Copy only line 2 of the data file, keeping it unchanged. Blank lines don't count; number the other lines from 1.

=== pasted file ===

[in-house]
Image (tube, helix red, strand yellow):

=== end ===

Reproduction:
Image (tube, helix red, strand yellow):